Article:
In a second embodiment of the invention as shown in FIG. 16, the structure of an outlet 122 is as described in the first embodiment with the exception that flanges 124 are provided as extensions to the base 66 of the housing 125 instead of having flanges 98 disposed remote from the base as in the first embodiment. The circuit assembly 14 is omitted for clarity and simplicity. As shown in FIG. 16, the outlet of the second embodiment is for location upon the exterior surface of a wall 126 where wiring within the wall and a suitable electrical outlet are not provided. The housing 125 may be shrouded by a suitably shaped box cover 128 having walls 130 which extend around the sides of the housing 125 and are resiliently located in position upon the flanges 124 in a manner similar to the location of the cover 108 in the first embodiment.

Claims (8)

What is claimed is:
1. A telecommunications wall outlet comprising a housing for a circuit assembly, and a circuit assembly for mounting within a chamber in the housing:
the housing comprising:
a base and a plurality of walls extending from the base to define the chamber of the housing, and an opening to the chamber remote from the base; and
at least one region of a said wall of the housing providing guide means projecting inwardly into the chamber and extending in a direction from the opening towards the base, for guiding the circuit assembly into a desired operational position within the chamber; and
said region of the wall also defining a cable guide formed in an outer surface of the wall for receiving and guiding a cable therein along the wall from the base towards the opening to the chamber; and
the circuit assembly comprising
a circuit member which provides a support element rigidly carrying electrical pathways in intimate contact with the support element, a modular telecommunications jack and a connector;
the circuit member having two sides, the jack and the connector both being mounted upon the circuit member and both having electrical terminal members, said electrical pathways on the support element interconnecting terminal members of the jack with terminal members of the connector; and
the circuit member having an edge with a recessed part cooperable with the guide means of the housing for guiding the circuit assembly as it is moved through the opening into the desired operational position with one of the two sides of the circuit member facing the base of the housing.
2. A telecommunications wall outlet according to claim 1 wherein said region of the wall is curved with the guide means provided by a convex surface on the chamber side of the wall and the outer surface of the wall is concave to provide the cable guide with the concave outer surface aligned through the wall with the convex surface, and the recessed part of the circuit member is of concave shape for cooperation with and movement along the convex surface.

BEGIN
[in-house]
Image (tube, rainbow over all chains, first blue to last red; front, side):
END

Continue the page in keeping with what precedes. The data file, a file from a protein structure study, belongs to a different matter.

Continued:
3. A telecommunications wall outlet comprising a housing for a circuit assembly, and a circuit assembly for mounting within a chamber in the housing:
the housing comprising
a base and a plurality of walls extending from the base to define the chamber of the housing, and an opening to the chamber remote from the base; and
at least one region of a said wall of the housing being curved to project inwardly into the chamber to provide a convex inner guide surface extending in a direction from the opening towards the base, for guiding the circuit assembly into a desired operational position within the chamber; and
said region of the wall also having a concave outer surface, the concave outer surface providing a cable guide for receiving and guiding a cable therein along the wall from the base towards the opening to the chamber;
the housing also being provided with a cable retainer, said cable retainer provided by an outer projection of the wall, said projection extending partially across and spaced away from the concave surface for holding cable seated against the concave surface; and
the circuit assembly comprising
a circuit member which provides a support element rigidly carrying electrical pathways in intimate contact with the support element, a modular telecommunications jack and a connector;
the circuit member having two sides and the jack and the connector both being mounted upon the circuit member and both having electrical terminal member, said electrical pathways on the support element interconnecting terminal members of the jack with terminal members of the connector; and
the circuit member having an edge with a recessed part having a concave shape for cooperation with and movement along the convex guide surface of said region of the wall for guiding the circuit assembly as it is moved through the opening into the desired operational position with one of the two sides of the circuit member facing the base of the housing.
4. A wall outlet according to claim 3 wherein the region of the wall is formed with a slot extending from the opening to the chamber towards the base for passage therethrough of conductors of a cable to be seated against the concave surface.